One of our favorite suppliers of breastfeeding information comes from Noodle Soup of Weingart Design. They are a great company that makes wonderful, informative, and easy to understand information regarding not only breastfeeding but also loads of baby friendly information.
I would like to share one of their pieces of information regarding 10 tips on breastfeeding in the hospital.
1. Take a Breastfeeding Class
This is so beneficial for every mommy (and daddy!). It is helpful to families to gain as much knowledge before baby is born to assist with a lot of questions you might already have or not even know that you might have until you take said class. At North Georgia Breastfeeding Center, a lot of our clients are prenatal visits which really sets the road to success with not only breastfeeding knowledge, but to help you become an advocate for yourself at the hospital during delivery and also during feeding times.
2. Get Help From a Lactation Consultant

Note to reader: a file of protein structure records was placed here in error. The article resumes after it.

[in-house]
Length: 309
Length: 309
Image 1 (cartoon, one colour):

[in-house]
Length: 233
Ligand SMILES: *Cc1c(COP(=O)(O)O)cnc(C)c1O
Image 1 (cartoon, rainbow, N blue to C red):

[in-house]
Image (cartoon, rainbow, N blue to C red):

This is crucial to all breastfeeding mommies. A great IBCLC (International Board Certified Lactation Consultant) will assist you with feeding techniques, proper latch, answer any questions, and put both mommy and baby at ease. It is imperative that you request to see an IBCLC at the hospital before discharge (the sooner the better) and also follow up with one after discharge if needed. A common misconception is that lactation help can only be found at the hospital. THIS IS NOT TRUE! There are many resources available to you in the community that are established to assist with breastfeeding success. Hospital IBCLC’s usually assist mostly with their in patients. We hear a lot of times from mommies that have had difficulty getting in touch with their hospital IBCLCs and are fearful that this is the only place they can receive lactation services. Some services in your community besides hospital IBCLCs may include your local WIC clinic, the La Leche League, or a private practice IBCLC, such as our practice.